Researchers from the University of Tübingen, Stanford University, Emory University, and Cincinnati Children’s Hospital Medical Center have conducted a study on infant immune responses to SARS-CoV-2 infections. The study, published in Cell, found that infants and young children have durable antibody responses against SARS-CoV-2 for up to 300 days.
The research team aimed to understand how infants and young children develop immune responses to SARS-CoV-2. They conducted a comprehensive, longitudinal analysis by collecting blood and nasal swab samples from infants and young children in the IMPRINT cohort at Cincinnati Children’s Hospital Medical Center. The cohort included 54 infected infants and young children, as well as 27 healthy control infants. The control group consistently tested negative for SARS-CoV-2.
The study compared the immune responses of infants and young children to those of adult COVID-19 patients and healthy controls. It found that infants and young children showed robust and long-lasting antibody responses to SARS-CoV-2 compared to adults. They also displayed an upregulation of activation markers on innate cells, but no significant increase in inflammatory cytokines.
While infants had lower memory B and T cell responses compared to adults, they showed an increase in multifunctional T helper 17 and 1-type CD4+ T cells. Additionally, infants mounted a strong mucosal immune response characterized by inflammatory cytokines, interferon α, and markers associated with T helper 17 and neutrophil responses, particularly in the nasal mucosa.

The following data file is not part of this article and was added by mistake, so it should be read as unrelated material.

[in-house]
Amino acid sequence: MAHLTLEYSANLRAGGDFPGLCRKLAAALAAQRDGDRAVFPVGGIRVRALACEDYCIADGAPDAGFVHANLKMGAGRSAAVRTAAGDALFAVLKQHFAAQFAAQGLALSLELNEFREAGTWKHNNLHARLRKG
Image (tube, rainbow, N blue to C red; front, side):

These findings suggest that vaccine formulations could be designed to take advantage of these innate immune system activation pathways to prevent unwanted inflammation. The study contributes to our understanding of infant immune responses to SARS-CoV-2 and has implications for vaccine development.
Overall, this research provides valuable insights into how infants and young children respond to SARS-CoV-2 infections and highlights the potential for developing effective vaccines tailored to their unique immune responses. The study’s findings have important implications for protecting this vulnerable population and mitigating the impact of COVID-19 on infants and young children.